Crankbaits and crankin’ an Illinois angler’s best friend in spring
I have boxes and boxes of crankbaits sitting at the ready that are just dying to get wet. Why crankbaits you might ask?
Well these are probably the most versatile bait that an angler can have.
They are commonly associated with bass fishing, but I have yet to find a species of fish that you can’t catch on a crankbait. Simple in design, yet effective in presentation these baits come in many shapes and sizes and it pays to have a good selection of these baitfish imitators.
Crankbaits can be put into three different categories. The lipped short body, the lipped long body, and the lipless are the varieties that are the easiest to define. They all serve their purpose, but still all fit into the crankbait category.
In the spring you will always find a lipless crankbait tied onto a couple rods in the boat while I am chasing bass as they move from their wintering holes to the spawning bays. These baits allow me to cover water quickly and to search all levels of the water column to see where these fish might be most active.
Using a lipless bait you can work the entire water column and even induce reaction strikes as this noisy bait passes right by a lethargic bass. The lipless baits typically sink and will run at the depths that you allow them to. You can even vary your retrieves on them to include a fast, slow or even yo-yo type retrieve.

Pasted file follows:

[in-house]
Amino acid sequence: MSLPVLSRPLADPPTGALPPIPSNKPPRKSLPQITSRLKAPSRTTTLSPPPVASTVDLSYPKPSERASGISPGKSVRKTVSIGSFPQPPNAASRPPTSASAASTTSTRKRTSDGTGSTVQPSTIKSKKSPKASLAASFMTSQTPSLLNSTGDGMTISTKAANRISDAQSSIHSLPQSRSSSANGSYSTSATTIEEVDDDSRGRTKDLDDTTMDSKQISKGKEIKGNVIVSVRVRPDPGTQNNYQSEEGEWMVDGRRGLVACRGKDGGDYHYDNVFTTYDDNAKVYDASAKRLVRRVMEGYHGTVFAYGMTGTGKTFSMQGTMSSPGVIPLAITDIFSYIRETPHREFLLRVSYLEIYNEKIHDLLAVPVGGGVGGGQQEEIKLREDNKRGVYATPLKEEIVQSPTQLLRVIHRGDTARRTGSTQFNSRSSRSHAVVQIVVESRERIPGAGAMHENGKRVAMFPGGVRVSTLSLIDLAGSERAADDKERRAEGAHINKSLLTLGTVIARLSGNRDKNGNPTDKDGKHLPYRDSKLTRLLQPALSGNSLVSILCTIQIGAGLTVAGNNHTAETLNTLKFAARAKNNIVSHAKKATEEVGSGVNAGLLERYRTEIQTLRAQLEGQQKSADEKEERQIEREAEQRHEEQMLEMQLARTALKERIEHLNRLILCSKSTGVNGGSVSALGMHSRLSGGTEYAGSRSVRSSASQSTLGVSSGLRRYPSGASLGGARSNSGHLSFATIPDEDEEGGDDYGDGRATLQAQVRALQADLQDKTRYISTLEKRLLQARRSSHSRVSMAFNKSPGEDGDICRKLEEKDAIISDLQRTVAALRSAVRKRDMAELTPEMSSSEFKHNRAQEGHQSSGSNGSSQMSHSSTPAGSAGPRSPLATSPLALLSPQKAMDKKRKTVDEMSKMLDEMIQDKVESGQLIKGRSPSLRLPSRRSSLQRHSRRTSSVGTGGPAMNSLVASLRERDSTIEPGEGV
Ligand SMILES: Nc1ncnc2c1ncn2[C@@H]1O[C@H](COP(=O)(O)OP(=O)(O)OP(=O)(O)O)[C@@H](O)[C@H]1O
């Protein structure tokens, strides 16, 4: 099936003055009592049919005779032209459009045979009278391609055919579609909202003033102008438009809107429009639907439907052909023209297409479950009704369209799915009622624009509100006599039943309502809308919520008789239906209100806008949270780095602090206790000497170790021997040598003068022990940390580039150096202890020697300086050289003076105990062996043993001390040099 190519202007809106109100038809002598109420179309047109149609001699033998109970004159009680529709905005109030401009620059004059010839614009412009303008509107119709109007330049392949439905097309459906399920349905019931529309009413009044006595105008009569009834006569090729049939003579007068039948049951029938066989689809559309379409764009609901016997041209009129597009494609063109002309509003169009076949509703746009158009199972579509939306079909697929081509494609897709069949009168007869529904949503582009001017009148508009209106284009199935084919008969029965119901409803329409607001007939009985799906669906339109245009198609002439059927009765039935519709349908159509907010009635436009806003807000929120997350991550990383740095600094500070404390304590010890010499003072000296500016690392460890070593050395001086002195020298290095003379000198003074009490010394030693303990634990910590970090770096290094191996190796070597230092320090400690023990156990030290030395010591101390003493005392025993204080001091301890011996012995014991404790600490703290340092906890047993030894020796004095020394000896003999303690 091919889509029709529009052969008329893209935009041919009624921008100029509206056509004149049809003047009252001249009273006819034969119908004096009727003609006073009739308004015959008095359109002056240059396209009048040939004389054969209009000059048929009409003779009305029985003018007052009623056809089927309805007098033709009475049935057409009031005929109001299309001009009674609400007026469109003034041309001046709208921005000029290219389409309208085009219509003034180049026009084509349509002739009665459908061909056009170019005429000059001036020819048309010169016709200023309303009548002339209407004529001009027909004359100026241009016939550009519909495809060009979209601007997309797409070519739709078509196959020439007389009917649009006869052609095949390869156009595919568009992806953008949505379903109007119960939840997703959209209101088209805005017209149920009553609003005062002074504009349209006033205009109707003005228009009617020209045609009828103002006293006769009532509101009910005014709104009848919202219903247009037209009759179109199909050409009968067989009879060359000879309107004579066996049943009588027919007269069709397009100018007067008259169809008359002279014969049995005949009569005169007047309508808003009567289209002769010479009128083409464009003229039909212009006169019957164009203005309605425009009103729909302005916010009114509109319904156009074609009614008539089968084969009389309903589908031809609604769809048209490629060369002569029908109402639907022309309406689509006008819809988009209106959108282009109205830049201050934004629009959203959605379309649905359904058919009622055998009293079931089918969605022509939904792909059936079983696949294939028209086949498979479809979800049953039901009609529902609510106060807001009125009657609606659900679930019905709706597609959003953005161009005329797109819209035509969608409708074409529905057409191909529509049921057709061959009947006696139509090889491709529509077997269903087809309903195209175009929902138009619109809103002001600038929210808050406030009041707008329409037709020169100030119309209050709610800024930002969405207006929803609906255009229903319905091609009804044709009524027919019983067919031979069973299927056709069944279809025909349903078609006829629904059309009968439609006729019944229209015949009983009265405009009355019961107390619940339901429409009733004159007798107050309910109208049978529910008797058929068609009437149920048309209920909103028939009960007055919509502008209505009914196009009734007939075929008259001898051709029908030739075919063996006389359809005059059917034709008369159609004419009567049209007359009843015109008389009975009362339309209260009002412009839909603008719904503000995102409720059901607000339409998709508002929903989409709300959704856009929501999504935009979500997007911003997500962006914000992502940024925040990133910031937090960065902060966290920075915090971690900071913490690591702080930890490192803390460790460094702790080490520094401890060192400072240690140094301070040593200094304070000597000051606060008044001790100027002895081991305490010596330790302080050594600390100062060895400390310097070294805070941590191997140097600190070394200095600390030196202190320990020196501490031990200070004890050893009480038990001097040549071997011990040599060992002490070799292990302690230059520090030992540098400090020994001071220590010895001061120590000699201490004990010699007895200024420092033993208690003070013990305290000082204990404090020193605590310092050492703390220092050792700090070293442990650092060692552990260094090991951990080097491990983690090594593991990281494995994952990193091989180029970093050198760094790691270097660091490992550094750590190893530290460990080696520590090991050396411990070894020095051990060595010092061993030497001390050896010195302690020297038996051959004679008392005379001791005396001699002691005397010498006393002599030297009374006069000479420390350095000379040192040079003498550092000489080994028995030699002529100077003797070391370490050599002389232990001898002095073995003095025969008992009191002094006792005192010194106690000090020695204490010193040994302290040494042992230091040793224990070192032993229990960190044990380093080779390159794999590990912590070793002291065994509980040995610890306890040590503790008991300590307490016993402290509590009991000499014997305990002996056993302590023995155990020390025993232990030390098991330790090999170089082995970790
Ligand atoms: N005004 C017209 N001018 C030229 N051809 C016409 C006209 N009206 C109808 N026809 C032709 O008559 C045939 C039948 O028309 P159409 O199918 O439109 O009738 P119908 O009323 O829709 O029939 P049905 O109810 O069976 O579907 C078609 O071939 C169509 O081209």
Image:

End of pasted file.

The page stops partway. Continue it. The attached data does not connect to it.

For walleyes and trout, switch over to a longer profile crankbait that has a bit of a different wobble to it. These tend to have a slow motion style movement and tend to fish a bit differently than their shorter counterparts.
Although you can cast these baits on many occasions you will mostly find them being trolled behind planer boards when attached to my rods. Their body shape and weights don’t allow them to be casted as well as other baits and trolling better suits them.
Last but not least are my favorite crankbaits to fish. These would be your common short bodied lipped baits. These would be your stereotypical crankbaits. They have lips that vary in size to change the depths that they will dive.
Some of my favorites have to be the SPRO Fat Pappa crankbait. Having a medium sized lip allows the bait to dive between 8 and 12feet down. The main objective is to cover a lot of water to optimize your time while trying to locate fish.
The short bodied baits are typically reserved to my bass fishing and they have put fish after fish in the boat when other baits are not even getting a second look. They elicit a reaction strike as well as a feeding reaction.
I am, by no means, telling anyone what they should or should not use when fishing, but you would be doing yourself a dis-service if you do not have at least a couple different crankbaits in your bag of tricks. Being versatile, the bait allows the angler to adapt to the conditions and still be able to catch fish.